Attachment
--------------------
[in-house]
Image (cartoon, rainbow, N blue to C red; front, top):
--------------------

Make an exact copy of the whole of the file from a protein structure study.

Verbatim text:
[in-house]
Image (cartoon, rainbow, N blue to C red; front, top):